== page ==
5 Tips For Getting the Most Out Of Video

Video has the power to inform, entertain, persuade, engage, and – most impressively – resonate far more than text does. This makes it a potentially powerful tool for companies, even (perhaps especially) for small- and medium-sized businesses (SMBs).

Although videos can be powerful, it’s by no means a certainty that they will be. I’ve created some 30 videos for my clients at TribalVision. Here are 5 business video best practices I’ve picked up on getting the most out of video for your business.

1. Videos have more uses than you think

Don’t underestimate the sheer number of ways in which your business can effectively use video. Here are just a few of the many possibilities:

  • A company video that explains who your business is and what it does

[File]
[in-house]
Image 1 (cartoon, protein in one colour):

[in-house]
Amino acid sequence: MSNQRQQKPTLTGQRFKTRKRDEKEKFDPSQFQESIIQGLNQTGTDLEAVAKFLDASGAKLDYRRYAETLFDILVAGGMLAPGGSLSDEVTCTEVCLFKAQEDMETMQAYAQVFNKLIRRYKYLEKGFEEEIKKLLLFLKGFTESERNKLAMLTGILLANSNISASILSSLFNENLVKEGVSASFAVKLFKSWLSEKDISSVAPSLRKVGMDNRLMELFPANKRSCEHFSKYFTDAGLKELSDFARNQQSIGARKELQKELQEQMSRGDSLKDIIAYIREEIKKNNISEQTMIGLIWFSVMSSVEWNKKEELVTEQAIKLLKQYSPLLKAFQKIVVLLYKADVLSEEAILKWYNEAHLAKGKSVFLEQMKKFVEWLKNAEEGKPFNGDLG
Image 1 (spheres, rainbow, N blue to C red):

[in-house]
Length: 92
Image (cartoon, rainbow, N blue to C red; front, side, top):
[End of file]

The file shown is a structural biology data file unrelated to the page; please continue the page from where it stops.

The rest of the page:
• A product video that showcases the features, price, benefits, etc. of one of your products or services
  • A testimonial video that features one of your customers talking about your company, product, or service
  • A careers video that shows off the benefits of working at your company and your company’s workplace culture
  • An on-boarding video for new employees

It’s not a good idea to create videos indiscriminately, with the sole purpose of having video and without regard for what purpose they serve. It is, however, good to realize that there are quite a few potential needs where a video may be appropriate for your company.

2. Know what influences budget

Videos can be expensive – potentially $10,000 or even more for a single 3-minute video from a one-day shoot. However, they do not always need to be nearly as pricey. Depending on the video complexity and topic, you very well may be able to get a high-quality video for a quarter of the price (or less).

Although this is still a sizeable sum of money, it’s important to view videos (like much of marketing generally) as an investment, not an expense. Although they may not be for everyone, they can pay for themselves if done right.

Video budgets depend much less on the length of the video as on factors like: